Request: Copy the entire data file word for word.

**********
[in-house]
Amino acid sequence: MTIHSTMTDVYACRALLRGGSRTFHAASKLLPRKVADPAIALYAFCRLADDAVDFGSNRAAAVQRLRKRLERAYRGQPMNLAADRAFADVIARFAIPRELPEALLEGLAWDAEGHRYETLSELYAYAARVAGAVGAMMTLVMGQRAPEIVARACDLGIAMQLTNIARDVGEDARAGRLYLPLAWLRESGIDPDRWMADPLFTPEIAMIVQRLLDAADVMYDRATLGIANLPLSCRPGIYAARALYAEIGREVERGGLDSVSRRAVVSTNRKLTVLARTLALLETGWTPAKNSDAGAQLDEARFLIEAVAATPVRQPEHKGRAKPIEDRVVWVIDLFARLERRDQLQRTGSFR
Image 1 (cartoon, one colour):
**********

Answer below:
[in-house]
Amino acid sequence: MTIHSTMTDVYACRALLRGGSRTFHAASKLLPRKVADPAIALYAFCRLADDAVDFGSNRAAAVQRLRKRLERAYRGQPMNLAADRAFADVIARFAIPRELPEALLEGLAWDAEGHRYETLSELYAYAARVAGAVGAMMTLVMGQRAPEIVARACDLGIAMQLTNIARDVGEDARAGRLYLPLAWLRESGIDPDRWMADPLFTPEIAMIVQRLLDAADVMYDRATLGIANLPLSCRPGIYAARALYAEIGREVERGGLDSVSRRAVVSTNRKLTVLARTLALLETGWTPAKNSDAGAQLDEARFLIEAVAATPVRQPEHKGRAKPIEDRVVWVIDLFARLERRDQLQRTGSFR
Image 1 (cartoon, one colour):